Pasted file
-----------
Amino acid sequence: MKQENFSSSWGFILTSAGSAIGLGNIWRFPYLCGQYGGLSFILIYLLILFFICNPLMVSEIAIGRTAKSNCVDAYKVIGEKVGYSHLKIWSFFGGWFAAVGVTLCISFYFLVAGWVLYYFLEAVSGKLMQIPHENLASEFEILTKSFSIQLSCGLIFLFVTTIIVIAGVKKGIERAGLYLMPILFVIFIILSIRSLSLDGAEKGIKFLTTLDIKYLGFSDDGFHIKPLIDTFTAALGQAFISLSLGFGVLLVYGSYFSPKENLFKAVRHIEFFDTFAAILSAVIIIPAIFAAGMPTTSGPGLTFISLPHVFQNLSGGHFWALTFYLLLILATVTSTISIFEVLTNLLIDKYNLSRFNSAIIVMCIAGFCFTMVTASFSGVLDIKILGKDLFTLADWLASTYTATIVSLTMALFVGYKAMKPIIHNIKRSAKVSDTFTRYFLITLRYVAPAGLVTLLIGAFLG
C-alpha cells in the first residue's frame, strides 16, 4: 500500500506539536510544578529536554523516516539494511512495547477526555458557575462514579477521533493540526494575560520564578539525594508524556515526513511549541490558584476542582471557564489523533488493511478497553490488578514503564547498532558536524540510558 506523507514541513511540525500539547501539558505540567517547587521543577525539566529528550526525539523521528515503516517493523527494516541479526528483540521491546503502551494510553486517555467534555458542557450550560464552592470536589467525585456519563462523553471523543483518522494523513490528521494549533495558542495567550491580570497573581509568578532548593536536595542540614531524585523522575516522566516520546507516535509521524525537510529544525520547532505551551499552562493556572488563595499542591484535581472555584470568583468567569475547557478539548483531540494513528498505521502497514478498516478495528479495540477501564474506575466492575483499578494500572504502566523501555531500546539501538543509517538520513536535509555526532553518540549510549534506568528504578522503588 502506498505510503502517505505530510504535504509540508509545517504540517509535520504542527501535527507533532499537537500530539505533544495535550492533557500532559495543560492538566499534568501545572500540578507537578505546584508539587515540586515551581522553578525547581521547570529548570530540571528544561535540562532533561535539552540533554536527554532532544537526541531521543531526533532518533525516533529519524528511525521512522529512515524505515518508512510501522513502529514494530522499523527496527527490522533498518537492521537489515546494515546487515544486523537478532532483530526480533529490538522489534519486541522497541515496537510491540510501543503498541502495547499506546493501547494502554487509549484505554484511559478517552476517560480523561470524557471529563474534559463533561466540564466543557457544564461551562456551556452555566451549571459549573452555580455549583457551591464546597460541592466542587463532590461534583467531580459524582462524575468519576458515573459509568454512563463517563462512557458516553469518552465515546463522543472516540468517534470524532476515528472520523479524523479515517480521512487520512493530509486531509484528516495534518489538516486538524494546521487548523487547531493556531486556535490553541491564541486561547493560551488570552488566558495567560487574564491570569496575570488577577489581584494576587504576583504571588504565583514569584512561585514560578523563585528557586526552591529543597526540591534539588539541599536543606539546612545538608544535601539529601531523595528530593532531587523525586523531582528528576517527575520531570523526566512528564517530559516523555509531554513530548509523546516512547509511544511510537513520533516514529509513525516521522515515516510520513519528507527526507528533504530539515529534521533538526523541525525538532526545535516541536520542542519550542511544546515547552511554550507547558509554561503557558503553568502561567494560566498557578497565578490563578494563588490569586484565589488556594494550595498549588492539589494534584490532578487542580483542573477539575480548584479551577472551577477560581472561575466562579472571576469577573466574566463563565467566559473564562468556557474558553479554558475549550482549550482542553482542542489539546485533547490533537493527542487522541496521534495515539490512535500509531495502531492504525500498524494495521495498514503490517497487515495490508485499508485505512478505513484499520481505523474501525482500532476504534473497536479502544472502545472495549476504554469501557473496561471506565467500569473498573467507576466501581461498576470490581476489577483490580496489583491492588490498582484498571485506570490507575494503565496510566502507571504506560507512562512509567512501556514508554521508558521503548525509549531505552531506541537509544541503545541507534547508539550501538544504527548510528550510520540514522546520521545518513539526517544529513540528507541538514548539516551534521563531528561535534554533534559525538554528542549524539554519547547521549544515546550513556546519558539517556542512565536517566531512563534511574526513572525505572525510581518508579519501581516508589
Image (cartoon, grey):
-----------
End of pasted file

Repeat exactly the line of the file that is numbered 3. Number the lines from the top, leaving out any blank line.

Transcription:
Image (cartoon, grey):